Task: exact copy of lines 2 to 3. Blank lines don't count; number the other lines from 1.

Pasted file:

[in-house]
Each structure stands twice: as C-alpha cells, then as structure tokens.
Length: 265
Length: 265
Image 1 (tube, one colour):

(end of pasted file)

Each structure stands twice: as C-alpha cells, then as structure tokens.
Length: 265